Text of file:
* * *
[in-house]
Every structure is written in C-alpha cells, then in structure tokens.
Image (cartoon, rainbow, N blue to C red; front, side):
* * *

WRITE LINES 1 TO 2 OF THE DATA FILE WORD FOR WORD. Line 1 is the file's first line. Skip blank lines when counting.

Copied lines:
[in-house]
Every structure is written in C-alpha cells, then in structure tokens.